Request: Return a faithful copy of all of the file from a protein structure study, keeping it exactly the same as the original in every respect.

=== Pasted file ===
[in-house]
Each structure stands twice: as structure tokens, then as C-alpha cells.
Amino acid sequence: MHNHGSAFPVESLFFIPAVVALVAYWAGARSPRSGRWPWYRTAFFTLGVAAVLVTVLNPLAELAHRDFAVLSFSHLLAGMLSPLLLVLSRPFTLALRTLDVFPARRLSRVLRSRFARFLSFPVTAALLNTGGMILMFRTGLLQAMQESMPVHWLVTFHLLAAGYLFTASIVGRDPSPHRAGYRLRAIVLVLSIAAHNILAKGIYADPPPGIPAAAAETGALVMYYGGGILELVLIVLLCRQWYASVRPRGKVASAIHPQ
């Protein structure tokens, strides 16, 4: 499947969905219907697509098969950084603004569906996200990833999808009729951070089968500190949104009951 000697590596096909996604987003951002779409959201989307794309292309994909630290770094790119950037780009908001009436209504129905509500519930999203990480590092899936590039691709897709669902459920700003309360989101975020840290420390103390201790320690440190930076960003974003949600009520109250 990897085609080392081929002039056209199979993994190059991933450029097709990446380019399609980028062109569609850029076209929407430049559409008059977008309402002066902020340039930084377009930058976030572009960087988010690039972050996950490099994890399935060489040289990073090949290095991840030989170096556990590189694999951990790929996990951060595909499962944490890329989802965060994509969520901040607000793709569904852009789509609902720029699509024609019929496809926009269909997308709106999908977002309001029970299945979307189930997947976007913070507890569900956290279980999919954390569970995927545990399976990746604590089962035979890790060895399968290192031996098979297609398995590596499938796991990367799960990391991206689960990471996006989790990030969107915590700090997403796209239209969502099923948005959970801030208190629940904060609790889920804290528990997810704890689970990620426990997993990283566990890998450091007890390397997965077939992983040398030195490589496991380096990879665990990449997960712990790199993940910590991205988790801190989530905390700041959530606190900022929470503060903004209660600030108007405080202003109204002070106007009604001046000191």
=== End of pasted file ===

[in-house]
Each structure stands twice: as structure tokens, then as C-alpha cells.
Amino acid sequence: MHNHGSAFPVESLFFIPAVVALVAYWAGARSPRSGRWPWYRTAFFTLGVAAVLVTVLNPLAELAHRDFAVLSFSHLLAGMLSPLLLVLSRPFTLALRTLDVFPARRLSRVLRSRFARFLSFPVTAALLNTGGMILMFRTGLLQAMQESMPVHWLVTFHLLAAGYLFTASIVGRDPSPHRAGYRLRAIVLVLSIAAHNILAKGIYADPPPGIPAAAAETGALVMYYGGGILELVLIVLLCRQWYASVRPRGKVASAIHPQ
């Protein structure tokens, strides 16, 4: 499947969905219907697509098969950084603004569906996200990833999808009729951070089968500190949104009951 000697590596096909996604987003951002779409959201989307794309292309994909630290770094790119950037780009908001009436209504129905509500519930999203990480590092899936590039691709897709669902459920700003309360989101975020840290420390103390201790320690440190930076960003974003949600009520109250 990897085609080392081929002039056209199979993994190059991933450029097709990446380019399609980028062109569609850029076209929407430049559409008059977008309402002066902020340039930084377009930058976030572009960087988010690039972050996950490099994890399935060489040289990073090949290095991840030989170096556990590189694999951990790929996990951060595909499962944490890329989802965060994509969520901040607000793709569904852009789509609902720029699509024609019929496809926009269909997308709106999908977002309001029970299945979307189930997947976007913070507890569900956290279980999919954390569970995927545990399976990746604590089962035979890790060895399968290192031996098979297609398995590596499938796991990367799960990391991206689960990471996006989790990030969107915590700090997403796209239209969502099923948005959970801030208190629940904060609790889920804290528990997810704890689970990620426990997993990283566990890998450091007890390397997965077939992983040398030195490589496991380096990879665990990449997960712990790199993940910590991205988790801190989530905390700041959530606190900022929470503060903004209660600030108007405080202003109204002070106007009604001046000191």